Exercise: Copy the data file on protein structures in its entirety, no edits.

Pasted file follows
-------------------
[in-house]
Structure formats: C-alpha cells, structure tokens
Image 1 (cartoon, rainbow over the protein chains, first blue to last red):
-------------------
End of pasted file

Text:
[in-house]
Structure formats: C-alpha cells, structure tokens
Image 1 (cartoon, rainbow over the protein chains, first blue to last red):